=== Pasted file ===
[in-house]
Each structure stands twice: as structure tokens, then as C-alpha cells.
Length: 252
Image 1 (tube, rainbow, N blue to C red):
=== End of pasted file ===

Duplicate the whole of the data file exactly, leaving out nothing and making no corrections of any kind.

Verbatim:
[in-house]
Each structure stands twice: as structure tokens, then as C-alpha cells.
Length: 252
Image 1 (tube, rainbow, N blue to C red):